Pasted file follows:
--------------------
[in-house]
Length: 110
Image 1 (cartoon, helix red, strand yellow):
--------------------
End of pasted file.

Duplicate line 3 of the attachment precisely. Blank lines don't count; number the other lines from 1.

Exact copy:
Image 1 (cartoon, helix red, strand yellow):